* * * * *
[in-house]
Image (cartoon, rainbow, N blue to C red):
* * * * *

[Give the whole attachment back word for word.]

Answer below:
[in-house]
Image (cartoon, rainbow, N blue to C red):